Removing the brake fluid cap will allow the fluid to more easily travel back through the lines when you turn back the caliper piston.

Slowly rotate the caliper piston back in the clockwise direction to compress it.

Replace Brake Fluid Cap
Install New Outer Pad
Wear Bar - Bottom Inner Pad
Replace the brake fluid cap as soon as possible by twisting it on the in the clockwise direction.

Brake fluid is hygroscopic (absorbs moisture from the air) so it's important to not leave the reservoir cap for any longer than necessary.

Thoroughly clean off the brake rotor, caliper bracket, brake caliper assembly and the lug nut studs with brake parts cleaner spray. Do not use compressed air or blow with your mouth to clean off the brake parts since breathing in brake dust can be harmful to your health. Brake dust can be carcinogenic (causes cancer) if inhaled.

Apply a thin layer of brake parts lubricant to any area where there is metal to metal contact such as the outer lip of the caliper piston.

Do not apply brake caliper grease to the friction surface of the new pads.

If your Kia Rio previously exhibited shuddering, pulsations, or vibrations in the rear end during braking, you may need to have your rotors "turned" (resurfaced) or just replace them with brand new rotors. If this is the first front brake job on your car and the rotors appear to be in excellent condition, you should be able to just replace the pads with great results.

To remove the existing rotors and install new ones, remove the two bolts on the rear of the caliper bracket that attach it to the steering knuckle. Remove the two Phillips head set screws on the front of the rotor. Then loosen the old rotor with a rubber mallet, pull it off, and slide the new one in its place.

Install the new brake pads in to the bracket with the wear indicator bar situated at the bottom of the inner brake pad.

Push Pads Against Rotor
Lower Caliper Over Pads
Spin In Lower Caliper Bolt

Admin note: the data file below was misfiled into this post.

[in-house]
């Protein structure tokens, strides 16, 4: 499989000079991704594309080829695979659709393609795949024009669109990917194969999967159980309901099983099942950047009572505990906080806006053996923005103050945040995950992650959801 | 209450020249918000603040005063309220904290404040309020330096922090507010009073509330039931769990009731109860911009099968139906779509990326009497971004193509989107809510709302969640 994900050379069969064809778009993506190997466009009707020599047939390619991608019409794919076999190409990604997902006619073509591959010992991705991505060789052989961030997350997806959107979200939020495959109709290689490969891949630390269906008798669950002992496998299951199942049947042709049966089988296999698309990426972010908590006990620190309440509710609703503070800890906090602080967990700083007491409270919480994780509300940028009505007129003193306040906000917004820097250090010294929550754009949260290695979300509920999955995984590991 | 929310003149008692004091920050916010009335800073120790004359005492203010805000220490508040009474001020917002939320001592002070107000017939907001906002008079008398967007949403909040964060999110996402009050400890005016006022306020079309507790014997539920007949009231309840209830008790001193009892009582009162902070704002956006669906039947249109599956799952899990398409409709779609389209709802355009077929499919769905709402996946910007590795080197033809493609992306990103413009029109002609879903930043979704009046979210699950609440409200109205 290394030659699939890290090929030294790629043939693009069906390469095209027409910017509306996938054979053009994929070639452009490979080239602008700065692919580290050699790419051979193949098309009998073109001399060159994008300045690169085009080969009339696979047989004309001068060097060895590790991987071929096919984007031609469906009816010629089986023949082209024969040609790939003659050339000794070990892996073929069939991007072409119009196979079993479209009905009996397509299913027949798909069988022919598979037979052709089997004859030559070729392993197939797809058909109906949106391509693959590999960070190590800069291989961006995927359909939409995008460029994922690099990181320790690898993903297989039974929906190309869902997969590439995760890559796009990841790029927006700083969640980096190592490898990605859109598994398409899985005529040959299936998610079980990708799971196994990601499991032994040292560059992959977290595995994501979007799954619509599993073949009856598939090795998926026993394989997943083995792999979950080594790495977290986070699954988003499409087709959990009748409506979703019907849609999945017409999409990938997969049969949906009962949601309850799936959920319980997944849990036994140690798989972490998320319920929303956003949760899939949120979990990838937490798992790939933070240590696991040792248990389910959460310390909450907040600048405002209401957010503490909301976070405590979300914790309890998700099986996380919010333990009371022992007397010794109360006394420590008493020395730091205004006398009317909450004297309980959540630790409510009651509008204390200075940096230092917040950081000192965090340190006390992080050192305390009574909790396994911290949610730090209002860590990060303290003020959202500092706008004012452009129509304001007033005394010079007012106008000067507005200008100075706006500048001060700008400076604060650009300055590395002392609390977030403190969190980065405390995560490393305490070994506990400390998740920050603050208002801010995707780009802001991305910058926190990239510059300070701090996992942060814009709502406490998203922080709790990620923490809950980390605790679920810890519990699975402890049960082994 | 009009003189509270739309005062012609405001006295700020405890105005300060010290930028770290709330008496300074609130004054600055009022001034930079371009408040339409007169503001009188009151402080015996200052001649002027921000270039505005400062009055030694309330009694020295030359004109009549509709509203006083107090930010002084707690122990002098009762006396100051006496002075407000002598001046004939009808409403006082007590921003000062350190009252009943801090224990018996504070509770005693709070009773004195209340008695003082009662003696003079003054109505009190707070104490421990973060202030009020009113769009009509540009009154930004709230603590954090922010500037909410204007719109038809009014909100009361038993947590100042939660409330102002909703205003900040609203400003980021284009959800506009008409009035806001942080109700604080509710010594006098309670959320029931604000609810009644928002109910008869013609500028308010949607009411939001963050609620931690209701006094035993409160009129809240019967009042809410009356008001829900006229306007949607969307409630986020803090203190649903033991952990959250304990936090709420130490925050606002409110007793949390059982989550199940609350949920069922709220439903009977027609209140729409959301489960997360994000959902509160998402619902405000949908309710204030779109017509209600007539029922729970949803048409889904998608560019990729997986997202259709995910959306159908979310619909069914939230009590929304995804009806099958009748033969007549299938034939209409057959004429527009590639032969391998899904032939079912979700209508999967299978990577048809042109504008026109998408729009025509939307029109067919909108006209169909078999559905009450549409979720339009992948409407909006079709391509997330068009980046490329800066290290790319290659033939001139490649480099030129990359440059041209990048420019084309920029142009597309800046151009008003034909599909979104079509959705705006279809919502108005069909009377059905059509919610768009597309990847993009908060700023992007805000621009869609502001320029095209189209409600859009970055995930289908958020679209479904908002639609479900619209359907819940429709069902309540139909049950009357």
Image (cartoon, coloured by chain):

Push the two pads together until they are flush against the rotor.

Carefully lower the rear caliper over the new pads and in to the bracket.

Replace Top 14mm Bolt
Tighten Upper 14mm Bolt
Tighten Lower 14mm Bolt
Spin in the upper and lower caliper bolts a few turns by hand in the counterclockwise direction (as seen from the outside of the vehicle) to prevent them from becoming cross threaded.

Tighten the caliper bolts to just past hand tight or about 20 to 25 lb-ft of torque.

Kia-Rio-Rear-Disc-Brake-Pads-Replacement-Guide-034 Kia-Rio-Rear-Disc-Brake-Pads-Replacement-Guide-035
Rubber Valve Cap
Brake Fluid Bleeder Valve
If your brake pedal previously felt soft or spongy, the brake fluid may be contaminated with water or the brake lines may contain some air bubbles.

It would be best to bleed the brake lines at this time in order to flush out the old fluid and replace it with fresh DOT 3 brake fluid. For more on this topic, check out my Brake Line Fluid Bleeding With An Assistant DIY Guide or alternatively the Brake Line Fluid Bleeding With A Power Bleeder Guide.

The brake fluid bleeder valve is located underneath a rubber cap on the back side of the caliper just below the top caliper bolt

Replace Rear Wheel
Push On Plastic Wheel Cover
Spin On 4 Lug Nuts
Replace the rear wheel and push on the plastic hub cap with the cut out section for the tire valve situated in the correct position.

Spin on the four lug nuts in the clockwise direction by hand a few turns to prevent them from becoming cross threaded.

Slightly Tighten Lug Nuts
Lower Car From Stands
Torque To 65-80 lb-ft
Slightly tighten the lug nuts in the clockwise direction with the tire iron.

Then carefully lower the car from the jack stands by using the floor jack.

Tighten the lug nuts in the clockwise direction to about 1/4 to 1/3 turn past hand tight.

It would be best to use a torque wrench to make sure that the lug nuts are properly tightened. Kia specifies that the lug nuts should be tightened to between 65 to 79 lb-ft of torque.

Sit in the driver's seat of the vehicle and pump the brake pedal a few times to restore the brake line pressure. Check the brake fluid in the reservoir and verify that it is at the proper level. If it is low, add some DOT 3 or DOT 4 fluid.

To break in your new rear brake pads, just drive normally for the first few hundred miles while trying to avoid any hard or "panic" stops which may glaze over the new pads and cause them to be noisy and/or not perform as well.

It's also a good idea to regularly check your driveway or garage for drops of brake fluid which may indicate a leak, check the brake fluid level in the reservoir, and also verify that the lug nuts are still tight.

For more, check out my other 2012-2016 Kia Rio DIY Repair & Maintenance Guides.